Today, employees from more than 250 companies have submitted data to Chou’s repository. Public diversity reports have become more routine. But the numbers themselves have yet to change at Silicon Valley’s biggest, most powerful companies. At Apple, the percentage of women in technical roles crept from 20 to 23 percent in two years, while the overall percentage of black employees moved from 7 to 9 percent, and the percentage of Hispanic employees rose one point to 12 percent. At Facebook, the number of women in technical roles inched from 15 to 17 percent, while the overall percentages of black and Hispanic employees remained stuck at 2 and 4 percent, respectively. Google saw similarly little progress, with no change in its overall percentages of black and Hispanic workers and a two percent increase in the number of women in technical roles. The figure below denotes current racial data graphically.
Current representation at nine prominent tech firms, according to their most recently published data.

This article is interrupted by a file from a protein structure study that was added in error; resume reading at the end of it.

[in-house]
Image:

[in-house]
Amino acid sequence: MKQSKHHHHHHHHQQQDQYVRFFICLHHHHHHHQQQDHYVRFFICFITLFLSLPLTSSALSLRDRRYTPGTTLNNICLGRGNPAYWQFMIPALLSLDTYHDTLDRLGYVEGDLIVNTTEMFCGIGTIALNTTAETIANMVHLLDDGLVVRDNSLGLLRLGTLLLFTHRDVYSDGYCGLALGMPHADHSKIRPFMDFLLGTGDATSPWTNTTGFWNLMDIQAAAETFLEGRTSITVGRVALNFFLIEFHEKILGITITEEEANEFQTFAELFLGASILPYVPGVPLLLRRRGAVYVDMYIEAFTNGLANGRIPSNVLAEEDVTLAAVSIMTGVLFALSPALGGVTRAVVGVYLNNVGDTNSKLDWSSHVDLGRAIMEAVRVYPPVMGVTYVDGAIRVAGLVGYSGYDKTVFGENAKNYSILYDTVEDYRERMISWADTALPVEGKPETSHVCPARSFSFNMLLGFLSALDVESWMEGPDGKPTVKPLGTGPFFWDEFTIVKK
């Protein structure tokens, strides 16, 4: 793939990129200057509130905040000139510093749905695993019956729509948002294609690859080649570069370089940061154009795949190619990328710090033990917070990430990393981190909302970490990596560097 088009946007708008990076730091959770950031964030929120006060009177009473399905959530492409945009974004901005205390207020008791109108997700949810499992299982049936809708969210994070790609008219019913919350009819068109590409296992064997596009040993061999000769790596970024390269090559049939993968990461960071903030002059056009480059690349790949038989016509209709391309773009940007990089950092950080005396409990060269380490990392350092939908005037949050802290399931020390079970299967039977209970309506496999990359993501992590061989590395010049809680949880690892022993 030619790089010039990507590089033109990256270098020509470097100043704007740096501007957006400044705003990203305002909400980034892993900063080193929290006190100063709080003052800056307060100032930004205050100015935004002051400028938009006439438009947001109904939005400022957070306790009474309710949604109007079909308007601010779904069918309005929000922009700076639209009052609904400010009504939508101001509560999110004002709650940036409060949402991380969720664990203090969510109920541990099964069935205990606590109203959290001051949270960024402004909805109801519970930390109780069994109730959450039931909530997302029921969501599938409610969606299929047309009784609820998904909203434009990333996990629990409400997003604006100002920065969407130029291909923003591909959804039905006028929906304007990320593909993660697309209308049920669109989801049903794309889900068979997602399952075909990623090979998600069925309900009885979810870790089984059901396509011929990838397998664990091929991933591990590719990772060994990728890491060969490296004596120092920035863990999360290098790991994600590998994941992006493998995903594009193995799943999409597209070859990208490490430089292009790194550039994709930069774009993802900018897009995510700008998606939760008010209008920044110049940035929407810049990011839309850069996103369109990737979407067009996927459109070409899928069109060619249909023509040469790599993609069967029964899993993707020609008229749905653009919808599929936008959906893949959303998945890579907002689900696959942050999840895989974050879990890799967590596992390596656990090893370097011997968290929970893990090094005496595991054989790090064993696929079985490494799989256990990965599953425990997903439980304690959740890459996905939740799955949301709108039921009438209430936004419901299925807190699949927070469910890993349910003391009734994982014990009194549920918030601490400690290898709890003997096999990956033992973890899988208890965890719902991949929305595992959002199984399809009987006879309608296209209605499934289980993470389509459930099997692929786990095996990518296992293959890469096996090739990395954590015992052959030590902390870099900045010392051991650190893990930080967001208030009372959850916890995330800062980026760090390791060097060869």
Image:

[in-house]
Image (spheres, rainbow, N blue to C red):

It’s not quite as bleak as the percentages might imply — after all, at companies with workforces in the tens of thousands (or, in Apple’s case, hundreds of thousands), a change of a few percentage points affect hundreds or even thousands of underrepresented employees — and to some diversity advocates, any progress is worth cheering. “I think that the scenario of some dramatic change where somehow the overall industry percentage jumps 5 percent in one year is highly unlikely,” says Elizabeth Ames, a senior vice president at the Anita Borg Institute, which runs the annual Grace Hopper Celebration. “I think you just have to do the math to realize that is probably not in the cards.” She acknowledges that the dearth of candidates will make dramatic change difficult for years to come: “It didn’t happen overnight that we went from 37 percent to 18 percent [of women graduating with computer science degrees], and it’s not going to happen overnight to go back there.”